By JAMES KENNEDY
With Thanksgivika coming soon, we thought we would celebrate some extravagant chicken-in-a-duck-in-a-turkey style examples of what Rhode Island could have instead of surface parking all over the state, by focusing on a victory. Hey, slap some latkes on that puppy and schlepp it over here. We're ready for some transportation mishegas.
Let's get the giblets out on the table. . .
In July of this year, the state government ironically began a project to increase the amount of parking in the state’s capital, when it spent $3.1 million in state funds to buy a one acre parcel of land suitable for one hundred surface parking spots. That project was recently defeated according to a tweet from Providence Business News' Patrick Anderson. This presents advocates with a momentary victory, but it is still vital that citizens be made more aware of how expensive a commodity parking actually is, and that the opportunity isn’t lost to talk about what better things could be done with the money.
September 20, 2013 was the first time Providence orchestrated a citywide Park(ing) Day, which allowed for temporary reuse of parking spots for virtually any other public use residents could imagine. Providence proudly hosted thirty-five such parklets—nearly ten times as many per capita as more experienced Park(ing) Day participants like Philadelphia.
Park(ing) Day demonstrates the many aesthetic alternatives our cities could install in place of ample car parking—everything from small parks, to outdoor seating, art installations, and farmers’ markets.
Coming up with alternatives to parking has been an especially important task for Providence, and city whose downtown is already more than fifty percent taken up by surface or garage parking, before accounting for any of the additional on-street spots available.
We did a twitter survey of Rhode Islanders, and came up with some interesting answers:
*Paul Grimaldi of the Providence Journal, the writer who first broke the parking lot story, suggested that perhaps a budget for street trees might be nice to have instead of parking. By our calculations, $3.1 million is enough to plant 15,000 street trees as part of the match resident match program Providence currently has, in which the city pays $200 and residents supply the other $200 for a planting. That would be a 60% increase in tree cover from the levels measured during the last arborists’ survey under the Cicilline administration.*440 students could leave the Community College of Rhode Island (CCRI) with two year degrees and no debt for the parking lot sum. Even at the much pricier Brown University, the state could have funded seventeen students’ four year degrees without any other financial aid sources.
*In Providence, eighty starting salary teachers could be employed at public schools for the same amount as the state allotted for the parking lot’s base land value.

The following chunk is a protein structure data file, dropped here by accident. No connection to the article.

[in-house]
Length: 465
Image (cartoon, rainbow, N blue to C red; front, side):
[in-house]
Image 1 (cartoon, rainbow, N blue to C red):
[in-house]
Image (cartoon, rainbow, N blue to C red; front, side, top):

*Local business Like No Udder, which participated in Park(ing) Day at Rep. Art Handy’s (D-Cranston) Statehouse parklet, said it could have bought twenty-six fully functional ice cream trucks for the sum.
*One Providence Journal article from 2005 surfaced detailing the auction of a Newport Mansion, fully furnished, for exactly the same cost as the parking lot. Interestingly, this was before the housing meltdown, which only makes one wonder if our $3.1 million could now fund a gaudy addition to the mansion, or perhaps a live-in maid.
*On the whimsical side, in a state as small as Rhode Island, $3.1 million is enough to buy a double espresso for every single resident, and still leave a modest tip for the barista.
*At 3.8 cents per kilowatt-hour, wind energy from local supplier People’s Power & Light/Mass Energy could light up a standard 100 Watt lightbulb for 815,300 hours—about ninety-three years. Wind energy remains the most expensive but most sustainable form of electricity in the state.*Other transportation projects come to mind. One resident facetiously suggested we buy one mile of one lane of highway, to give us more places to drive. One thing that can be said decisively is that the $3.1 million becomes less impressive in an urban context: freeway infrastructure is typically twice as expensive in cities, leaving us a single half-mile-to-nowhere lane.
*An advanced bicycling project—no puny painted bike lane, but a physically separated, two-way cycletrack like those that have been built in Chicago—would set the state back $170,000 a mile. At that price, citizens could afford eighteen miles of facilities, nothing small in a state that is only forty-eight miles north to south at its longest point. That calculation doesn’t even take into account the great savings in future road maintenance costs that the state could count on from such a project.*Over 4,000 RIPTA riders could ride for free for one full year, for the land price of the one acre proposed square of asphalt.
Of course, these projects require planning, orchestration, budgeting. The most impressive thing about Park(ing) Day is that its temporary reuse of parking spaces allows citizens to spontaneously play with much less ambitious scenarios than these. It’s often been noted by economists that people’s “loss aversion”—their fear of potential loss—is much higher than their “reward seeking”—the urge seek potential reward. We can write about how many things the state could have bought with $3.1 million until the cows come home. Sipping coffee in a temporary parklet shows people the alternative, without spending much money at all.
And we’ve still got next year.